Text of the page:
The Kitchen Help pays it forward |

The Kitchen Help pays it forward

Facebook group brings Parachute together during the pandemic

Community volunteers help distribute meals during last weekends free lunches for truck drivers passing through Parachute as part of paying it forward through the Kitchen Help group. (Lynn Shore)

A social media page that started as a place to share recipes has grown to neighbors helping neighbors in the small western Garfield County community of Parachute and Battlement Mesa.

Tiffany Fenton said the idea came to her one day when she noticed all the food at the local stores had been picked over.

“We are already in a pretty food insecure area, add restaurants closing, and people losing their jobs,” Fenton said.

Fenton started The Kitchen Help Facebook page to share ideas about meals people could make with the food in their pantries, donate food to those in need, and share photos of things that make people happy.

A volunteer hands out Root Beer floats Tuesday in Parachute. (Lynn Shore)

The day after starting the page Fenton went to several restaurants and purchased five meals, and went to the grocery store and filled five grocery bags and posted on the page.

In less than a month the page has more than 1,200 followers and is feeding local residents, recognizing front line workers, senior citizens and cheering up those who are down.

“It’s just random acts of kindness shooting from the hip, that has just taken off,” Fenton said.

A trucker picks up a meal at the rest area off of exit 75 last Saturday in Parachute. (Lynn Shore)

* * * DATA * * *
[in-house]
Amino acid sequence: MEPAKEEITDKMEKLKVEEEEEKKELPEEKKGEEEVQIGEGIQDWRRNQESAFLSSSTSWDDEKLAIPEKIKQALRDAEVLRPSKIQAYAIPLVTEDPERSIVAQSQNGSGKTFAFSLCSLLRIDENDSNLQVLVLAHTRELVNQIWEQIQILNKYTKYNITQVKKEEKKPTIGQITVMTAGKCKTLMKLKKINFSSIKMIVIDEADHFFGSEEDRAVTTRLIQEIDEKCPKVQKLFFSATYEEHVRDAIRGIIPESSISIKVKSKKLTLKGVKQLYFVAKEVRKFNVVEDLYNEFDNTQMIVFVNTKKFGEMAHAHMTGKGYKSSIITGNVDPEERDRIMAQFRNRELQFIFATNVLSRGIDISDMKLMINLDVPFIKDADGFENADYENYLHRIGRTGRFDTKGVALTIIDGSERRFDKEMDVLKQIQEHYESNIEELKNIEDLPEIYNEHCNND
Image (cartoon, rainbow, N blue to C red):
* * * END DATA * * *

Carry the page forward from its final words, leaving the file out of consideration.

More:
The community of Parachute Battlement Mesa has rallied together — sewing, cooking, donating and distributing food, and volunteering.

“If someone has had a bad week we try to drop off some flowers, a gift certificate to the coffee shop, or something that gives them something to do later in the day to look forward to,” Fenton said.

Fenton and other volunteers have been going out doing a mobile ice cream social, handing out root beer floats to residents around town.

“Really everybody should be doing random acts of kindness, whether there is a crisis or not, we just need to be humans,” Fenton said. “I think over the years that piece has gotten lost in society.”

Cookies and Root Beer floats were given out Tuesday as part of The Kitchen Help’s push to pay forward good deeds during the COVID-19 pandemic. (Lynn Shore)

Group member Amy Baysinger recently helped organize a feed the truckers event last Saturday at the rest area off of I-70 in Parachute.

Baysinger said more than 20 truckers came through, and then they opened it up to anyone in the community that wanted to come down and get a bag of food.

“It was nice to see the community come together,” Baysinger said.

Hoping to get the same reaction from residents in Rifle Baysinger, who runs an insurance agency in Rifle, started The Kitchen Help/Rifle last week.

Baysinger believes if it can take off in Rifle like it did in Parachute, that it could make its way up valley to Silt, New Castle and Glenwood Springs.

“This involves the whole community, you can bake or make something, buy lunch —whatever it is you’re helping the community,” Baysinger said.

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